A woman harvesting French beans, Kenya. Around 70 per cent of the labour to grow African indigenous vegetables is provided by women, but only 10 to 30 per cent of them are contract farmers.
Photo: ©FAO/Fredrik Lerneryd

Adopting gender-inclusive approaches in contract farming

Gender differences in African indigenous vegetables production are significant. Women are largely underrepresented in contract farming and 'crowded out' in seed production.

Women need more support to participate in contract farming to the same extent as their male counterparts and have more equality along the whole food value chain, CABI scientists suggest in June 2021. 

The CABI-led research - which sought to assess the benefits of good farmer seed production through a case study of the Good Seed Initiative in Tanzania - reveals that while around 70 per cent of the labour to grow African Indigenous Vegetables (AIVs) is provided by women only 10 to 30 per cent of them  are contract farmers who own the fields, make decisions on sales and control revenues.

The paper argues that the adoption of gender-inclusive approaches in contract farming arrangements is 'paramount' and can have multiple benefits, including shared decision-making amongst men and women.

Significant gender differences in AIV production


Quality seed is key to increasing crop production, nutrition and wellbeing. But smallholder farmers in Tanzania have limited access to affordable quality seeds - over 90 per cent of seed sown is saved by farmers from previous harvests, though its quality is often poor.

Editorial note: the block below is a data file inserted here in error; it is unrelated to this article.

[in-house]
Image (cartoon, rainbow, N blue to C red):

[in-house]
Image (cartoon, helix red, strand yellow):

The Good Seed Initiative, which ran between 2013 and 2016, sought to enhance access to quality AIV seed through the promotion of farmer seed production using two models - contract farming and Quality Declared Seed (QDS).

The programme reached over a million consumers and growers through radio programmes, seed rallies, nutritional outreaches, cook shows, and agricultural shows and events. A policy brief was also developed and circulated to stakeholders in Tanzania on the production and sales of quality-assured AIV seed.

While farmer seed production under both models continued to thrive - creating avenues for income diversification and contributing over 50 per cent to household incomes - there are significant differences in the roles men and women play in the production of the AIVs.

'Crowding out' of women in seed production


"QDS seed production is challenged by a lack of access to foundation seed, inspections, and seed testing services - which are key to quality seed production. But another challenge is the apparent 'crowding out' of women in seed production. And it's not just in Tanzania. In Kenya, for example, less than 10 per cent of women participate in contract farming arrangements for fruits and vegetables", says lead author Dr Monica Kansiime.

The study revealed that the new farmers entering into seed production were mainly men especially in the north, causing concern that women would be excluded along the AIV value chain as the AIV enterprises become profitable.

(CABI/ile)

Read more at CABI website

Reference:
M.K. Kansiime; M. Bundi; J. Nicodemus, J. Ochieng, D. Marandu, S.S. Njau, R.F. Kessy, F. Williams; D. Karanja, J.A. Tambo and D. Romney, 'Assessing sustainability factors of farmer seed production: a case of the Good Seed Initiative project in Tanzania,' 28 May 2021, Agriculture and Food Security, DOI: https://doi.org/10.1186/s40066-021-00289-7

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